The question is whether the error was prejudicial (Cal. Const., art. VI, § 4 1/2). The examination as to priors was brief. No objection was made by defense counsel. We cannot say that the trial court should have excluded the testimony on its own initiative, particularly since defendant seized the opportunity to assert his innocence of both charges. The erroneous matter was not argued to the jury (cf. People v. Renchie, 201 Cal.App.2d 1, 6 [ 19 Cal.Rptr. 734]). On the contrary, the prosecutor in his argument accurately stated the limited purpose and effect of impeachment for conviction of a felony. We are aware of the possibility of arguing an affirmative by stressing the negative, but we find no indication of that tactic here. On the entire record, we are satisfied that defendant was not prejudiced. The proof against him was strong. The improbabilities and contradictions of his version of the event were enhanced by the testimony of his relative indicating that defendant carried the knife to the victim's home for use against her, thus negating his defense of consent. The error was not prejudicial, and does not warrant reversal (see People v. Phillips, 197 Cal.App.2d 159, 164 [ 17 Cal.Rptr. 301]).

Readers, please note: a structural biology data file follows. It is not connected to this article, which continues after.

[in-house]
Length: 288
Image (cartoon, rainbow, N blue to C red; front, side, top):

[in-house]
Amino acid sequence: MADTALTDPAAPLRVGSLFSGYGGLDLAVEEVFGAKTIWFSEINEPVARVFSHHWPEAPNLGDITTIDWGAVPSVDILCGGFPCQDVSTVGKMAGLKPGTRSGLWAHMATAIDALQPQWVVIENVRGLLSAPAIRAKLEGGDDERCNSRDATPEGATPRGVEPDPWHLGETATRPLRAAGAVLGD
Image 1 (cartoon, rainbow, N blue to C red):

Defendant entered the victim's home with intent to commit rape. The jury's refusal to find him guilty of assault with intent to commit murder leaves the inference that his use of the knife he brought with him was for the purpose of compelling her to submit to intercourse. Thus the entry of the home and use of the knife were parts of a continuous course of conduct, motivated by the single objective of rape. A recent decision ( People v. McFarland, 58 Cal.2d 748 [ 26 Cal.Rptr. 473, 376 P.2d 449]) makes clear, by analogy, that punishment of this defendant both for burglary with intent to commit rape and assault with a deadly weapon is within the prohibition against double punishment (Pen. Code, § 654). It may be noted that this decision was filed after we had relieved court-appointed counsel of his assignment.
The judgment is reversed insofar as it imposes a sentence for assault with a deadly weapon, the lesser of the two offenses. In all other respects, it is affirmed.
Salsman, J., and Devine, J., concurred.
A petition for a rehearing was denied August 16, 1963, and appellant's petition for a hearing by the Supreme Court was denied September 18, 1963.